David Davies (l) and Michel Barnier are leading talks to break UK-EU Brexit deadlock, but AIO remains optimistic on British potential

David Davies (l) and Michel Barnier are leading talks to break UK-EU Brexit deadlock, but AIO remains optimistic on British potential

Britain's Automotive Investment CEO has delivered an upbeat assessment of supplier and OEM activity in the UK following London's decision to secede from the European Union (EU) in 2019, but business is still waiting for final clarity on any settlement deal.

Talks between the UK and the EU have hitherto proceeded at what appeared to be a glacial pace, with intense wrangling centering on what is commonly referred to as the 'divorce bill,' but it appears some momentum is gathering speed as the clock ticks.

In particular, this relates to to what may or not be Britain's future obligations on issues such as pensions and infrastructure projects from Brussels' point of view, while the UK is anxious to secure progress on a post-Brexit Free Trade Agreement, a key area of concern for business.

There is some anecdotal evidence large investment plans are being put on hold as the horse-trading between both sides has previously stalled meaningful progress, but it appears a looming EU summit next month may concentrate minds on finding a solution.

Despite the uncertainty, the UK continues to attract inward investment, with the automotive sector featuring among industries to have given a vote of confidence to the domestic situation, although they would undoubtedly relish more clarity.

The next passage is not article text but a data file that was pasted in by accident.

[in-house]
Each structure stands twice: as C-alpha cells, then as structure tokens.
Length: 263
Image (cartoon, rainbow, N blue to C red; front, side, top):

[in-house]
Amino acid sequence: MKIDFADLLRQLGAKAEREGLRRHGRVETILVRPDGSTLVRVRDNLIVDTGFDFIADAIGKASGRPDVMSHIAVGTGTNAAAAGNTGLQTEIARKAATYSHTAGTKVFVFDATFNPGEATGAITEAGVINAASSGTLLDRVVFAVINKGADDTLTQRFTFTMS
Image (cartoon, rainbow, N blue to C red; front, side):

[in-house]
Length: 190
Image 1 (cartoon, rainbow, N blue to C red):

"Aston Martin, they chose Wales, Magna, Gestamp, the investments are continuing," Automotive Investment, UK government, Department for International Trade CEO, Lawrence Davies, told delegates at the recent CEE European Automotive Forum organised by Adam Smith Conferences in Prague.

"Bluntly, they are not slowing down. I will let the politicians get on with the negotiations and our job is to make sure UK automotive stays strong."

The UK recorded a seventh consecutive monthly drop in October according to the Society of Motor Manufacturers & Traders (SMMT), but the Automotive Investment chief remains upbeat, pointing to Britain's underlying strength, despite Brexit jitters.

"We are on track to build 2m cars by 2020, which is the fastest growth in Europe," added Davies. "Engines are [also] significant to the UK – 2.5m [of them] – the largest player is Ford. We [also] have the Advanced Propulsion Centre in Coventry.

"We do 50:50 funding on R&D – that is very significant if people are thinking of investing in the UK. The largest EU manufacturer of electric vehicles is the UK, [while] 16% of all sales of all 28 continues in Europe [EU] are from the UK.

"Nissan and Volvo have made London their choice for European autonomous testing [and] we have a very strong supply base. Britain is open for business."

Davies spent 35 years in the car sector, starting at General Motors in purchasing and the supply chain, before joining Opel in Germany.

He became director of GM UK producing and supply chain in 2006 before joining the AIO in 2013.

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